In the 1960’s, the restaurant complex was acquired by Stephen Apted who was the son of Florence Hulling Apted. Florence ran several successful cafeterias downtown, known fondly as Miss Hulling’s Cafeterias. Stephen ran the re-opened and expanded restaurant as The Cheshire Inn and had a hotel complex (lodge) built and a swimming pool added on the west side of the property. The complex included 7 banquet rooms, the King’s Arms Pub, a Lion’s Den Cocktail Lounge, bakery, and Antiquery gift shop. My father’s cousin, Robert (known by many as Bobby) Salsman, started out as a cocktail server and waiter in the banquet area during the grand opening and later rose to become a well-known head caterer there, making headlines in the socialite section of the newspaper. He worked there for much of the 1960’s and 1970’s. Many local celebrity events were catered in the banquet reception rooms there. Mrs. Charlotte Peters, a famous tv personality on KSD-TV and KTVI who had her own tv show, often held banquets at The Cheshire. (Her son, Mike Peters, went on to draw the beloved comic strip Mother Goose and Grim). Bobby explained to me with fondness how the hotel was the “it place” to be and be seen in its heyday. Parties were catered for The Muny, Saint Louis Art Museum, Saint Louis Zoo, and the Saint Louis Blues hockey team by The Cheshire staff. My father bartended at the Cheshire’s Rose and Crown Bar, Fox and Hounds Tavern, and many of the banquet halls in the late 1960’s and he met my mother while working there. He distinctly remembered the London Transport double-decker bus which once took people from The Cheshire to Forest Park and sporting events daily. At night many musicians, radio, and tv personnel would head there for a night of dancing and conversation. My dad particularly remembered Bob Cuban and his bandmates going there. Needless to say, this place held a very special place in my heart too, since my parents had met there.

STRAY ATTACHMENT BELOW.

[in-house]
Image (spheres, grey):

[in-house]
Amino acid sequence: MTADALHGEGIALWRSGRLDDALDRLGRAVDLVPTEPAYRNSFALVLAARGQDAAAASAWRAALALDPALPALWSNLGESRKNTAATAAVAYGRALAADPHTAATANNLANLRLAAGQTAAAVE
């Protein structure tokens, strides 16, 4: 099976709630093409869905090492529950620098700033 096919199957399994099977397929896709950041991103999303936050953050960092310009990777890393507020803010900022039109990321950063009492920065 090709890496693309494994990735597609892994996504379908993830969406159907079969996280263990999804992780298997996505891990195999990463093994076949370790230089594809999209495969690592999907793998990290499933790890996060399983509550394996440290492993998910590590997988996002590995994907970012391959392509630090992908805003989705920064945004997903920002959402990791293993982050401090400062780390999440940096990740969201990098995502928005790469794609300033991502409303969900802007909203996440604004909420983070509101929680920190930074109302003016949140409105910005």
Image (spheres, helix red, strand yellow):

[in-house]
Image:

In my day (1990’s), the bar known to my group of friends as the Cheshire Lounge (Inn) was on one side of the complex and the cozy, yet charming English Fox and Hounds Tavern and Lodge area was still in operation on the other side. I would venture here for late night fun and socializing usually after 11 PM. I found it quite intriguing and impactful as a place I would continually be drawn to, despite the passage of time. I always enjoyed roaming the hotel, saying hello to the grizzly bear in the lobby, and drinking brandy while playing chess on the side tables at the Fox and Hounds Tavern. I enjoyed people-watching as couples drank half-yards of beer from bartenders who were some of the friendliest in the area, while others signed “secret” sign in sheets hidden in various furniture pieces. I had my first date with my husband at the Fox and Hounds Tavern; we played chess on the table that night while the piano man played us a tune. The Cheshire closed its doors in the mid 2000’s and was sold and later rehabbed in 2011 by Lodging Hospitality Management. It has since been updated into one of the most amazing luxury hotel boutiques Saint Louis has to offer, still maintaining its charm and character from the past. There is an onsite Starbucks for coffee lovers, a courtyard with food and beverage service, a wonderful poolside terrace, a sleek basement gastropub called Basso which has amazing Italian cuisine, an acclaimed restaurant called Boundary which offers fresh seafood and seasonal cuisine, a private cigar lounge called The Back Room, and the most passionate and friendly staff you could ever hope to meet. British novelty-themed suites with luxurious amenities include Robert Louis Stevenson’s The Treasure Island Room complete with nautical décor, Ian Flemings’s James Bond Room with 1960’s mod décor and pool access, William Shakespeare’s Romeo and Juliet Room complete with Renaissance art and décor furnishings, and many other famous authors whose books await you in the rooms they’ve inspired. No two rooms are the same, and each room offers its own unique experience. To my delight the Fox and Hounds Tavern is intact, with a few slight upgrades, and the grizzly is as eager to say hello as he was those many years ago. As a “mad cat” in Alice in Wonderland once mentioned, “Well…some go this way, and some go that way, but as far as me, myself, personally, I prefer the shortcut!” I tend to agree with that old Cheshire cat with the famous grin, and my shortcut takes me back to The Cheshire, where the pool is open, and the drinks are flowing time and time again. An enchanted night stay awaits you, so head there to make your own special memories to cherish for years to come.